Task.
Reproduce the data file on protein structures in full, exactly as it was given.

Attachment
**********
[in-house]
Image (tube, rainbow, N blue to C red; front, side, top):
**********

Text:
[in-house]
Image (tube, rainbow, N blue to C red; front, side, top):